What are the differences between investing in a Roth IRA vs. 401(k)?
With a Roth IRA, the onus is on you to open the account (usually at a popular online brokerage company’s website) and then fund it. With a 401(k), contributions come directly from your paycheck through your employer’s payroll system.
It’s also important to consider how employer matching contributions work within a 401(k) plan. Many firms have a matching policy; for example, 50% of the first 6% of contributions. That means, if you earn $100,000 and contribute $6,000 per year into your 401(k), your employer will pop in another $3,000 at no cost to you.
The IRS also allows you to take out earnings from a Roth IRA penalty-free in some situations. Some of the more common reasons to take the earnings out of a Roth IRA early include money for a first-time home purchase, qualified education expenses, qualified medical expenses, and for disability or death.
Beyond traditional 401(k)s, how do Roth IRAs differ from Roth 401(k)s?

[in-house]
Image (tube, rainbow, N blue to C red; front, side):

A Roth 401(k) works like a Roth IRA in some ways and like a 401(k) in other ways. We know that “Roth” means contributions are made after-tax. A Roth 401(k) is simply another employer-sponsored retirement account, but money in that account has already been taxed and will grow tax-free through retirement.
A Roth IRA differs from a Roth 401(k) in that contributions made to a Roth IRA can be withdrawn tax-free and penalty-free at any time. Inside a Roth 401(k), the plan participant faces a 10% early withdrawal penalty on withdrawals made before age 59½.
A Roth IRA also has a lower annual contribution limit than a Roth 401(k). According to the IRS, the maximum IRA contribution for 2021 and 2022 is $6,000 ($7,000 for those age 50 or older).